Corsicana Daily Sun, Corsicana, Texas


February 4, 2013

The story of a special flag

My parents had a saying about doing things before the proper time. They said it was like “putting the cart before the horse.” I must confess that I have a tendency toward this shortcoming. The Bible itself urges us to be patient and wait upon the Lord. But I often seem to get carried away with some project and become entangled in my own web of circumstances when I should be waiting for a cue from the Almighty.

So what if I “just do it” or “make it happen,” so to speak, it doesn’t count for anything if the Lord doesn’t build it. I know this intellectually, but have difficulty in the practice of what I know.

An example of this situation is what happened when I became very interested in a project of creating and presenting a Braille flag from James Blair Chapter, Daughters of the American Revolution several years ago. I ordered the flag kit advertised in the DAR materials I received, but no one, including me, had the time and/or the know-how to set the pieces together. The individual stripes and stars would have to be of varying textures and be raised along the outlines of the stars and stripes so that a person could feel them and visualize mentally the way Old Glory looked to sighted people.

Finally, I asked a very talented lady who did professional embroidery (Lolly’s Embroidery) if she would undertake the project. I am so grateful that she consented and actually provided materials that had even more possibility of appealing to the touch of sensitive fingers than did the original kit.

So far, so good. She did an exquisite job of rendering the Stars and Stripes, and I put the replica in a hard plastic protective but removable cover so that the flag could be either displayed or taken out and enjoyed by the visually impaired when they handled it.

I asked here and there for some place to donate the flag. Many places stored artifacts of various types or displayed all kinds of items in showcases or on walls, but the little Braille flag didn’t seem to fit anywhere. Beginning to get discouraged, I took the flag home and laid it aside for a time.

In the meantime, I began to spend a great deal of time at the Dallas VA Hospital in the Spinal Cord Unit where my husband was receiving treatment. When September 11 changed all our lives and the flag began to fly everywhere in earnest, my  Braille flag came to mind.

James Blair Chapter, DAR, like all other chapters takes pride in doing service for veterans. It occurred to me that the little flag was close to finding a home. So I put the flag in the clear plastic case in a larger plastic bag and placed it on the back seat of my car, thinking that I would take it into the VA hospital on my next trip; but, having many things on my mind, I forgot about the flag again.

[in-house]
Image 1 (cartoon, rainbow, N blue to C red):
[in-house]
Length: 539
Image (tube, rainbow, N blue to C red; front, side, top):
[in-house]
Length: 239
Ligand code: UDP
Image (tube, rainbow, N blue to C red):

Every time I would unload the car on returning home, I would realize that once again I had not found a special spot for the flag. But on the day of the Thanksgiving dinner in the big dining room of the Spinal Cord Unit, something happened that gave me a special inspiration concerning the Braille flag.

When I carried my plate of turkey and trimmings to a table where I recognized a nurse and veteran volunteer from the unit, there was also a very nice gentleman there who, unknown to him at the time, made the pieces of my “where to” puzzle begin to fall into place. The special way he sensed where the food was on his plate was my only clue at the time.

The more I thought about him, the more I felt that I was about to get my project done at last. That day I marched into the PVA Office (paralyzed veterans) and presented the flag to the hospital.

Later I saw the veteran who had inspired me as he and his volunteer friend were leaving for the day, and noticed the white cane he used. At that moment I thought of the Lions Club White Cane projects, and my conviction became very strong that I had to tell him what I had done and that he had been my inspiration. I think he may have wondered what in the world had gotten into this lady he didn’t know who was telling him such a long story about a flag.

But, like the doctor who received the flag from me in the Administrative Office, this gentleman voiced his appreciation and seemed genuinely pleased.

Later, I learned that the veteran who had inspired me was Bill Dixon of Garland, a volunteer himself on Tuesdays and Thursdays in the office of the Blinded Veterans Association. Thinking that I should let the PVA know that the Vision Impairment Office would be the place for the flag, I found that it had already been sent over to Vance Wilson, who was in charge of that office. Mission accomplished at last! Thanks be to God!


Gelene Simpson is a Daily Sun columnist. Her column appears on Tuesdays. Want to “Soundoff” on this column? Email:

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